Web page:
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Job market stumbles in April

By Masao Suzuki

San José, CA – On Friday, May 7, the U.S. Department of Labor reported that businesses added 266,000 workers. This was only one-quarter of the additional 1 million jobs that economists had predicted. This left the economy down more than 8 million jobs from February of 2020, right before the economic crisis started. At the current rate it will take the economy more than two and half years to gain back the lost jobs Women have been harder hit by the recession, and the gap with men widened in April as all of the net new jobs went to men.

The weak jobs report unleashed a flood of claims by the Republicans that federal unemployment benefits were keeping people from taking jobs. But last fall they opposed expanding federal aid because they said that the job market was strong and was recovering on its own. Republican-ruled states are already starting to cut back on aid to the unemployed. South Carolina and Montana have blocked the extra $300 per week from the federal government. Both states will also be ending their participation in the federal Pandemic Unemployment Assistance program, or PUA, in June. The PUA is for self-employed and gig workers.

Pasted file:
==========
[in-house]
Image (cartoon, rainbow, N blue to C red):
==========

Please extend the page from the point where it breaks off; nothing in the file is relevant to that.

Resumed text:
But this doesn’t explain why 400,000 more workers started looking for work last month, and why the unemployment rate went up last month to 6.1% as more people started looking for work. Nor does this claim explain the more than 200,000 jobs cut by businesses last month. In fact, this is the same old austerity program of trying to cut government spending, and pushing the burden of the crisis onto the backs of working people.

The unemployed also face a growing threat of evictions, as a federal court overturned the nationwide eviction ban by the federal Centers for Disease Control. Only 16 states out of 50 have their own eviction bans for those hurt by the recession, and all but six of them end in May or June. This will put millions of people in danger of eviction and many will end up joining the growing ranks of homeless.

The official federal count of homeless people – of a little more than 500,000 – is a vast undercount based on counting people in the street and shelters. Schools reported about 1.5 million students without their own home. If each unhoused student has a parent sibling not in school, this would be about 3 million homeless, or about 1% of the U.S population.

This shows another of the glaring inequalities of life under capitalism: while the average price of homes went up over 9% in 2020, millions of people cannot afford to pay for their own place to live.

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